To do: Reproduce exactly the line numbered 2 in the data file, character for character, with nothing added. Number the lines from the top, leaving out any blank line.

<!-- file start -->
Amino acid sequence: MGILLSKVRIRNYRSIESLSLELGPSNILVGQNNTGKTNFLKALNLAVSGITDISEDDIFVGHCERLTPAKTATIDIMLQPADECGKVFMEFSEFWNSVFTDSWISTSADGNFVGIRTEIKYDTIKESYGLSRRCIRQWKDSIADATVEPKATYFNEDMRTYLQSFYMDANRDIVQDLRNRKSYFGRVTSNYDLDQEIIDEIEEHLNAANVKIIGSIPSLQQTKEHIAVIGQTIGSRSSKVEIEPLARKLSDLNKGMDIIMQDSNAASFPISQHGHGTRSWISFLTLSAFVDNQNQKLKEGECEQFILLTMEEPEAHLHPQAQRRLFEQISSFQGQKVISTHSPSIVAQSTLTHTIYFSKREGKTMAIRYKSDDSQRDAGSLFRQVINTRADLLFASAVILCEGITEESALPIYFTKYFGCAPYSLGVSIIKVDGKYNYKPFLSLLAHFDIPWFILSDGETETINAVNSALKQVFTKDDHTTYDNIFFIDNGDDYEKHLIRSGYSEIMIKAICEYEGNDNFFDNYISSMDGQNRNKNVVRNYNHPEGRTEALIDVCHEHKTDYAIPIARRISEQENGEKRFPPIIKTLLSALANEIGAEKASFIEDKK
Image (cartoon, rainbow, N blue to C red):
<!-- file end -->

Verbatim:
Image (cartoon, rainbow, N blue to C red):